A top cop helped put a thug behind bars after the offender had been spotted brawling in the street and attacking a passer-by after an England World Cup football match.
Chesterfield magistrates’ court heard on Thursday, July 5, how Kyle Barry Swadling, 22, of Hunter Road, Belper, had been spotted fighting in the road before he turned on a man on King Street, Belper, who had tried to calm him down.
But Swadling got more than he bargained for when off-duty Derbyshire Constabulary Chief Superintendent, Graham McLaughlin, stepped in on June 28 to restrain Swadling and he was forced to punch the defendant three times to stop him from struggling.
Prosecuting solicitor Becky Allsop said: “Mr Jordan Stapleton is the first victim and he was walking his dog in Belper and went to King Street and said, ‘those guys are fighting’, and he described two males and one was Swadling.”
Mrs Allsop added that Mr Stapleton described Swadling as chasing the other male who got into a BMW and as Swadling tried to chase the car he slipped and banged his head on the car boot.
Swadling ran down King Street towards Mr Stapleton who tried to calm him down, according to Mrs Allsop, but the defendant turned on him punching Mr Stapleton repeatedly around the head breaking his spectacles.
Off-duty police officer Mr McLaughlin stated he had seen Mr Stapleton break-up the original fight and had seen Mr Stapleton being attacked before he stepped in and had his mobile phone knocked to the ground.
Mrs Allsop added that Mr McLaughlin got hold of the defendant’s arm and was helped by Mr Stapleton as he told the defendant he was a police officer and informed him he was being arrested.
However, as Swadling repeatedly tried to bite Mr McLaughlin and break free the off-duty officer stated that he was forced to punch the defendant three times.
Mrs Allsop said Mr McLaughlin said the force he had used was no more than was necessary to protect himself and the public.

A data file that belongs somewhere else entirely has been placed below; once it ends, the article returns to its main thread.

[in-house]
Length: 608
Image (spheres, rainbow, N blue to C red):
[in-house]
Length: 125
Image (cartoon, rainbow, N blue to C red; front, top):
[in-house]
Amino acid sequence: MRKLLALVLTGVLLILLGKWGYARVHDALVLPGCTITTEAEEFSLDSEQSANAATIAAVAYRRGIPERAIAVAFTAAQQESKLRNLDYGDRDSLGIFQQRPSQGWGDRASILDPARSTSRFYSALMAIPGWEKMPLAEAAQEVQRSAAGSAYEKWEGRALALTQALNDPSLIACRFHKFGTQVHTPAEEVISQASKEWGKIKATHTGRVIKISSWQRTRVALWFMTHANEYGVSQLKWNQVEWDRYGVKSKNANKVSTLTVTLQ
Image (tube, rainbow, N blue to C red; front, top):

Mr Stapleton said in a victim statement: “Had the Chief Superintendent not been there I would have been very badly injured.”
Swadling, who works for a decking firm, pleaded guilty to two counts of assault by beating after the incident on June 29 and he also admitted damaging Mr McLaughlin’s mobile phone and failing to surrender to court.
The court heard that Swadling had only just been given a community order days before after he had assaulted the landlord of The Greyhound pub, in Belper, in June, by grabbing him around the throat.
Defence solicitor John Wilford said all the matters are drink-related and he claimed Swadling is not a man who drinks constantly and he had not had a drink for three months before he attacked the pub landlord.
Mr Wilford added that during the second incident, Swadling had been out with his brother and a friend to watch the England game against Belgium and he had consumed eight to nine pints of beer.
Swadling, who made no comment to police after his arrest, later claimed his drink had been spiked and he could not remember what had happened.
Mr Wilford also claimed Swadling had been knocked to the ground during the fight with the BMW driver which had been spotted by Mr Stapleton.
He added: “Mr Swadling is very upset by his behaviour and he is very remorseful and he’s quite clearly shocked that he could have behaved like this in these circumstances.
“He’s determined not to drink again because when he does and when he binge drinks it leads to situations like these which he finds himself in.”
Magistrates opted to revoke Swadling’s community order and re-sentenced him for the assault on the pub landlord along with his latest offences.
They sentenced Swadling to 18 weeks of custody and ordered him to pay £180 compensation to Mr Stapleton and £180 compensation to Mr McLaughlin.